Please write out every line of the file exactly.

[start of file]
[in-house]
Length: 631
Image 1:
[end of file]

[in-house]
Length: 631
Image 1: